ŠTEFAN Harabin, who over the past five years occupied the country’s two most powerful judicial posts and thus significantly contributed to the current state of Slovakia’s judiciary, which itself suffers from an acute deficiency of public trust, is now out of the top judicial game, at least for the next five years.
After the Judicial Council, the top body overseeing the operation of Slovakia’s judiciary previously run by Harabin, picked Jana Bajánková to be its boss, and also elected Daniela Švecová to succeed Harabin in the Supreme Court’s top chair, some have called the September 16 vote the end of the Harabin era.
Harabin, who also ran the Supreme Court between 1998 and 2003, has left his fingerprints on much more than just the wheel of the top court. Harabin also served from 2006 to 2009 as justice minister, nominated by the party of controversial Vladimír Mečiar, whom Robert Fico invited into his coalition for a four-year power ride, and went from being a minister straight to the Supreme Court, leaving a big crack in the symbolic wall that is supposed to separate the judiciary from politics.
Harabin has become emblematic of a management style widely applied in the era of Mečiar, when public figures consumed power with the conviction that whatever is good for them must also be good for the public; that they can shower punishment or reward on their subordinates as they please, owing no watertight explanation to the public, and believing that their position belongs to them until the end of time.
Locking Harabin out of positions of power is far from enough to exorcise all the Mečiar-era ghosts from within the judiciary, even if taking the key to the Supreme Court from Harabin was not at all an easy undertaking. Even though his five-year term elapsed on June 22 and he failed in his third shot at the Supreme Court top job on May 19, the stakes remained high for his many critics. If the Judicial Council had failed to elect its president in the second round on September 16, a potential third round would have been open to the candidates who failed to win in the first round, including Harabin, who had a rather tough time admitting that he had lost the race.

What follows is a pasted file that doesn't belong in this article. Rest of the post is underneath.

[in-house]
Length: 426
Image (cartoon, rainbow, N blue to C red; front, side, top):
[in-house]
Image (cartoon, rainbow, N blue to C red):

“Have I lost? What are you talking about?” Harabin responded to journalists inquiring about his defeat. “I won because I had the highest number of votes.”
In a rather predictable move, Harabin questioned the legitimacy of the September 16 election, saying that a council with nine political nominees and only eight judges “is a serious violation of the balance of power and it is unconstitutional”.
Regardless of Harabin’s argument, the fact that only one week ahead of the September elections the ruling Smer party replaced one member of the Judicial Council without offering any real explanation for the move does not contribute to the public’s faith in politicians keeping their hands off the judiciary.
Observers and journalists are now asking whether Švecová and Bajánková have the potential to bring a fundamentally different culture from what Harabin represented, and whether they will be able to fuel the moral revival of the judiciary so badly needed in Slovakia. Fixing some of the technicalities and giving the courts a quick facelift will not be enough, and the upcoming period will actually show just how deep the judicial rabbit hole goes.
Among other things, Harabin is also known for his passion for suing the media, and it seems that this is one passion of his that Švecová shares, as she sued the Plus 7 dní weekly after it suggested that the media has described her as being close to Harabin.
As for Bajánková, Harabin called her a friend in an interview with the Sme daily shortly before the May 19 vote, suggesting that it made no difference whether he or his friend Bajánková got the top Supreme Court post.
Once appointed by President Andrej Kiska, there will be a full range of opportunities for Švecová to demonstrate that she stands for a completely different management style. The same goes for Bajánková, who now has the power to send out important messages to many judges who claim the negative image of Slovakia’s judiciary is unjustified.
Will foreign diplomats attend disciplinary proceedings initiated against the critics of top judges or will the public wishing to attend the sitting of the Judicial Council have to travel to a remote part of the country because the council head summoned the meeting there hoping to minimise public exposure? This and many more things are now in the hands of two women, who, if they fail in their mission, might cause just as much harm to the reputation of Slovakia’s judiciary as their predecessor did. Thus, it is perhaps still too early to tell whether we are now witnessing the twilight of the Harabin era.
22. Sep 2014 at 0:00 | Beata Balogová